Contract with Eli-Lily: This contract deals with select group of pre-clinical candidate in metabolic disorder with PHL's scope of developing the molecule through end of phase-2. Total contract value is USD 100 million which is to be linked to milestones of success in Phase-1, 2 and 3. As per PLSL's FY11 report, one of the molecule was nearing the end of phase-1 while another one was in the beginning of phase-2 in March 2011. 

In all, total contractual value is USD 450 million (150*2 + 100). If we assign 20% probability considering progress made so far, expected value of contracts is at least (0.2 *450) = USD 90 million i.e. 450 crores. In addition, if the molecule is commercialized successfully, PHL will receive royalty on global sales and exclusive rights to market products in India and neighboring countries. However, at this point it can not be accurately quantified.

2) Commercialization of Tinefcon & BST-Cartgel:

Both these drugs have completed phase-III and have applied for commercialization in US (Tinefcon) and Europe (BST-Cartgel). It is likely to be commercialized in FY12. 

BST Cartgel: It has market size of USD 250 million in Europe and USD 500 million in rest of the world (page 25). Currently PHL plans to launch it in Europe and thereafter tap rest of the world market. Typically any product achieves peak sales (25-30% of market size for small/medium market size) in 7 years from launch (click here). Considering launch of BST-cartgel in 2012 in Europe and in 2014 in rest of the world, possible sales can be conservatively estimated at 15% and 10% respectively. This will mean revenue of USD 40 million and USD 50 million from europe and rest of the world. This will total to around USD 90 million i.e. 450 crores. 

Tinefcon: Tinefcon is a patented product launched by PHL for treatment of psoriasis. this product has been launched in USA recently and is made from natural extracts. From whatever reviews I have seen on this product, it seems to be working very well. Total market size for Tinefcon is USD 250 million (slide 20). If, PHL reaches sales of 20% of market size by 2017 (typically in 7 years product hits peak sales which is 25-30% of market size), its revenue will be around USD 50 million, i.e. Rs.250 crores.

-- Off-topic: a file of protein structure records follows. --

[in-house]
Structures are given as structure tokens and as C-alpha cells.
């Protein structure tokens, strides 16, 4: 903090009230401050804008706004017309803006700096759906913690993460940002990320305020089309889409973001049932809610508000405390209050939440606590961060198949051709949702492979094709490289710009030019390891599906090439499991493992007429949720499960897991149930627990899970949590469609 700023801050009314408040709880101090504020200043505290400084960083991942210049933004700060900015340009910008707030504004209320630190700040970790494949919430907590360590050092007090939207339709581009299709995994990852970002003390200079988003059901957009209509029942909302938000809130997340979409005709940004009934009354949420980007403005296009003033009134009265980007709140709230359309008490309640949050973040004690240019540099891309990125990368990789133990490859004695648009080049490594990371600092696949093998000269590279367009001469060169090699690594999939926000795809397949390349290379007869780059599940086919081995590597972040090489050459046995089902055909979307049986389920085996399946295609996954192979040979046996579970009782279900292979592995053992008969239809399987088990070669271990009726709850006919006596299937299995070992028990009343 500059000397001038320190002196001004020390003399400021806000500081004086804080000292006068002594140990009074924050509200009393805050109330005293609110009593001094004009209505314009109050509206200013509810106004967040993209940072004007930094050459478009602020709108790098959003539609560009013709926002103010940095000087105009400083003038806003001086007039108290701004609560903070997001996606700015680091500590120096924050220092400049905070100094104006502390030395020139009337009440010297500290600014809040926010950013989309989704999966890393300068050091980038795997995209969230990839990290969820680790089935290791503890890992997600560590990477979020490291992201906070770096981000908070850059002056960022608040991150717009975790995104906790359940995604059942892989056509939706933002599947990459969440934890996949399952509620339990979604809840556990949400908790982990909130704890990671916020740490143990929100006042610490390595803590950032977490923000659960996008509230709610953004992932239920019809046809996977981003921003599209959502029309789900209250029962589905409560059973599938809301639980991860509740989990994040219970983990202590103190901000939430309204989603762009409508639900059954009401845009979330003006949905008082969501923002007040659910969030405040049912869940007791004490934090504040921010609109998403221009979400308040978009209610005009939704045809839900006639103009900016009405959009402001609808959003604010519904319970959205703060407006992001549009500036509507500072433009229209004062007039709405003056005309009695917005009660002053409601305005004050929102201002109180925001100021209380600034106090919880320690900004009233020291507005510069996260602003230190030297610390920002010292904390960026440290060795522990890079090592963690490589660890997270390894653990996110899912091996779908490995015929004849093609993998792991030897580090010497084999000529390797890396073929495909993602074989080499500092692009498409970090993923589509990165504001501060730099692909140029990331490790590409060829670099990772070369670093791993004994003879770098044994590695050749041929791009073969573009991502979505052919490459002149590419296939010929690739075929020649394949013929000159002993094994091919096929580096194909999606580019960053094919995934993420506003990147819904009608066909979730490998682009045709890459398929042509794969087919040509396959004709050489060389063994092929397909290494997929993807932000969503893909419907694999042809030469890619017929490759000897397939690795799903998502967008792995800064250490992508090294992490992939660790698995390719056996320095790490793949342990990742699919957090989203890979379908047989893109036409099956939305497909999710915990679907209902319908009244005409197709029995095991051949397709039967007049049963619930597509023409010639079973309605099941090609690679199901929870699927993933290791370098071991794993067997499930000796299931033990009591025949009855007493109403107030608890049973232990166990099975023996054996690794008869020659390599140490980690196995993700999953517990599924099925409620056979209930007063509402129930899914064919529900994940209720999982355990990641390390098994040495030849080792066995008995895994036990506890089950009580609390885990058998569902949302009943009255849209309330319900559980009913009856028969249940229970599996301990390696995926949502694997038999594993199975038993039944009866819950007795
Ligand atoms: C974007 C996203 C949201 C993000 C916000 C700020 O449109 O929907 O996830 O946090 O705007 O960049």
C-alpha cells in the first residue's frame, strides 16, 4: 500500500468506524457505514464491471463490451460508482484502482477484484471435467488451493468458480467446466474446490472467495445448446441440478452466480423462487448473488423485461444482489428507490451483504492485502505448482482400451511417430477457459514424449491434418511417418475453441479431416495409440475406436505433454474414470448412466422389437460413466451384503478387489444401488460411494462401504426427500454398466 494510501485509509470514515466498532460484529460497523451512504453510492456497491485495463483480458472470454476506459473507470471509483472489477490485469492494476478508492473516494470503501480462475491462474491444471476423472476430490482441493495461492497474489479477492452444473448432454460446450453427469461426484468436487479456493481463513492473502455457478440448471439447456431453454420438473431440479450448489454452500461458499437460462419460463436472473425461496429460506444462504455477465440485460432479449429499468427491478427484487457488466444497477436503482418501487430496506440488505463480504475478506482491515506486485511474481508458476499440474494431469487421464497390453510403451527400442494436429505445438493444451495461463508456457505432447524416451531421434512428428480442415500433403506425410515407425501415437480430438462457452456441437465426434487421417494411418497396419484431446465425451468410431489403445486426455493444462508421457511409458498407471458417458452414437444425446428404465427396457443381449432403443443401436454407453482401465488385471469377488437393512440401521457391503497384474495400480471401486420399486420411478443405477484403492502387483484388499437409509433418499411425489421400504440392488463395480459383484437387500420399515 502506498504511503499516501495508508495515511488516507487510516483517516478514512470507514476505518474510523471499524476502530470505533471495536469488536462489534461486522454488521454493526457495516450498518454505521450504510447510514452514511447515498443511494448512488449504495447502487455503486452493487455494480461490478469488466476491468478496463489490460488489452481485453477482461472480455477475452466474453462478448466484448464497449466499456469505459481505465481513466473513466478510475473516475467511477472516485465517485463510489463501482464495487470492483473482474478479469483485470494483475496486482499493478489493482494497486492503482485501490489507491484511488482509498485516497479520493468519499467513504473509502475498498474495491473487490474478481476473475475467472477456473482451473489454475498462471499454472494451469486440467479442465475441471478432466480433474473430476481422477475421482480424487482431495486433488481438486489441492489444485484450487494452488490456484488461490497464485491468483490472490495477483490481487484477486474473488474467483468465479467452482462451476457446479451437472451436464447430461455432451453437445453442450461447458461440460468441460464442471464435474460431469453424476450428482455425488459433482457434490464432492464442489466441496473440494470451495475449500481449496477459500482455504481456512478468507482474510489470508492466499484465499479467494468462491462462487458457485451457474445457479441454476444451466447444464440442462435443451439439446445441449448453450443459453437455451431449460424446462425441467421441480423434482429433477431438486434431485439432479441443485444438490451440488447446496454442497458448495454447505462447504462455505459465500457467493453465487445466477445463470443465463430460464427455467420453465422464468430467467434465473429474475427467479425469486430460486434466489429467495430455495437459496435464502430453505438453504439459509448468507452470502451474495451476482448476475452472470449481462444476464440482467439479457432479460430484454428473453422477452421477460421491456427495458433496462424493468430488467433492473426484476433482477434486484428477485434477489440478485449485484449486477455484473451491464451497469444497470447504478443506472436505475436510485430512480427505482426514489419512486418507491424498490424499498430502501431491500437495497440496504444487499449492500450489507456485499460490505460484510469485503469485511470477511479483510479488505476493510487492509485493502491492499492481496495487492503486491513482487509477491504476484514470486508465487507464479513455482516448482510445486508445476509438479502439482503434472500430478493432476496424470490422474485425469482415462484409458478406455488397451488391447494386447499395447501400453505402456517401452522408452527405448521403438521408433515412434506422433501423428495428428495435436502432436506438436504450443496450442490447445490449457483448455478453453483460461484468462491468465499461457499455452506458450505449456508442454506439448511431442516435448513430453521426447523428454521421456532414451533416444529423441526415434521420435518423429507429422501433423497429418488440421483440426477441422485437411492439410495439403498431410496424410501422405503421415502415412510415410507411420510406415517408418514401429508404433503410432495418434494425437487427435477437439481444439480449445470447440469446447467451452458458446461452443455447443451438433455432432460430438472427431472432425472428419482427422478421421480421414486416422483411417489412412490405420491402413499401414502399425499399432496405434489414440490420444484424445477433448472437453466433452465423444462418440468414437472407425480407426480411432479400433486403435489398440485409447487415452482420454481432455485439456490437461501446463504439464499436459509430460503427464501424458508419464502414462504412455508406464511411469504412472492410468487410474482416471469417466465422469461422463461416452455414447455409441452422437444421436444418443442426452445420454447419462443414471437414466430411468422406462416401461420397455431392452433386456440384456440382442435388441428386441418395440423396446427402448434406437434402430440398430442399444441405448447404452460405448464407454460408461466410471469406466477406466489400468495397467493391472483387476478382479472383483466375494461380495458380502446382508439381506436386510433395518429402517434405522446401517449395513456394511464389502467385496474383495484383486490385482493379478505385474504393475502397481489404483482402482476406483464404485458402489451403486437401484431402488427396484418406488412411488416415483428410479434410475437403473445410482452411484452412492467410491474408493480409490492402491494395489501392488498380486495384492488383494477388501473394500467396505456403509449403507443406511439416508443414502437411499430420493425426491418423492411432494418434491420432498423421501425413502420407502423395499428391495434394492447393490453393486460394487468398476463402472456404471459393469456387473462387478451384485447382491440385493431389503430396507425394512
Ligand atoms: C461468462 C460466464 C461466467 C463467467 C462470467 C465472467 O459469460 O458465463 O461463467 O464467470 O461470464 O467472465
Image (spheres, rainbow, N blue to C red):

3) Out-Licensing of Diabetic molecule P1736:

P-1736 is developed by PHL from scratch for Type-II diabetes treatment. Type-II diabetes drug is one the fastest growing therapy area in the world. Current market size is close to USD 24 billion which is likely to reach USD 44 billion by 2020 (click here). PHL has completed Phase-2 trials for P1736 which is a significant milestone for PHL. PHL management has clearly indicated that they would like to out-license the molecule as they do not have competent resources and infrastructure to support a very large Phase-3 trials for this molecule (click here). 

Many large pharma companies in-license molecule from smaller companies and then develop it to commercialization level. This reduces risk for them as they will avoid time/cost in all the activities leading to phase-1/Phase 2. Generally out-licensing arrangement has three components i.e. upfront payment, milestone based payments and royalty on global sales if molecule is commercialized. Typically value of a molecule increases as it advances through phases (i.e. preclinical-phase-3). Out-licensing value of a molecule is also closely linked to market size, potential competition in the same area and in-licensing company's research pipeline.